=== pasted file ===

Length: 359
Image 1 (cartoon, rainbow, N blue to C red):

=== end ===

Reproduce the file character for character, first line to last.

Length: 359
Image 1 (cartoon, rainbow, N blue to C red):